We returned on March 25 from a week long visit in Jinotega and brought back with us cherished memories of brilliant smiles and great reports on how well the students are doing.
The new school year began in February and we have enrolled 4 new students bringing us to our full capacity of 25 students. It was a delight to meet the newest children and to see how quickly they have adapted to their new school family and home. And equally a pleasure to see how the “older” students have taken them under their wings.
One can only imagine what these newest residents are understanding about how they have been moved from familiar faces and homes to a place where daily life is created for people who communicate with their hands. And what range of emotions they must experience in missing parents and siblings but also finally being able to connect with others, find ways to express oneself, and get needs met.
We visited with the directors and staff to get updated on all of the Albergue students and we also visited the public elementary and secondary schools that our children attend in the mornings. There are 33 deaf students at Max Senqui School, of which 24 are from the Albergue Mayflower. 1st through 3rd graders are in one classroom, 4th through 6th graders in another. The teachers at Max Senqui are competent signers who teach entirely in Nicaraguan Sign Language. And our students are well supported by the Director of this special education school.
The high school is named Jose Dolores and there are 4 deaf students, including one from the Albergue. When we visited the school in March we learned that the students had been without an interpreter since the start of the school year in February as the former interpreter had been transferred to another school and not replaced. The director and teachers at the high school emphasized how last year with the interpreter, the deaf students were able to remain on par academically with the hearing students, but this year, they were quickly falling behind.
An appointment was immediately arranged, initiated by the Director of the Albergue, Georgina, and we were able to meet with the MINED (Ministry of Education) administrator and apprise of her of the situation. She immediately took action to fill the position and thanks to the supportive partnership of MMO, MINED, our Albergue directors, and the directors of the schools, the deaf students now have full access to education once again. Judith, our high school student, is becoming trilingual – Spanish, NSL, and English!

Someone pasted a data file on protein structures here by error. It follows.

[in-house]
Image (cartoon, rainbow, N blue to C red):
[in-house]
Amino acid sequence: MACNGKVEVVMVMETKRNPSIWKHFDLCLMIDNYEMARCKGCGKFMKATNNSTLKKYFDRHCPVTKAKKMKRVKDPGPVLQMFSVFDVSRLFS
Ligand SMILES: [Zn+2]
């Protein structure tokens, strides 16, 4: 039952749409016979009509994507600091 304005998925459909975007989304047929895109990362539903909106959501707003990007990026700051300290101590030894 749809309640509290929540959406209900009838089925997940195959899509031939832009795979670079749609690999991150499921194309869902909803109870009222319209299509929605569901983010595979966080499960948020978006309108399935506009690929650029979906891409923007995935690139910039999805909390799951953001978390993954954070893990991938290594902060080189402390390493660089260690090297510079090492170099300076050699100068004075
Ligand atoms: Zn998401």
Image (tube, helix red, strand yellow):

Speech therapist, Evelyn Delaney, a team member from New Jersey, spent all week training our new full time speech therapist, Marlene, and introducing a new language/literacy program to our teachers, Ana and Jasmina. They were very enthusiastic and Evelyn sees great potential in their skills. They asked jokingly if she could come live at the Albergue. Evelyn has agreed to see if she can arrange to come for several weeks. What a great offering on her part and her family!
Our campus is getting some new artwork thanks to Juan, one of our evening activi activities coordinators. Juan is a gifted painter and he engages the students in art classes and in painting the interior and exterior walls with charming murals. Juan is deaf and a great mentor and role model for our students. We had a tremendous response to our Winter Book Drive and were able to box up over 400 Spanish Language books and purchase large cabinets to establish a library at the Albergue.
The shipping container containing all our library supplies, plus a multitude of other materials and equipment, left Oklahoma City on February 28 and due to a delay in Customs in Managua did not arrive in Jinotega till April 11. We were not able to set up our library on this most recent trip, but have plans to have set it up on our next visit.
We accomplish much on our mission trips and we have great fun. In parting, take a look at some snap shots of the volunteers exploring beautiful Jinotega as well as enjoying time with the students.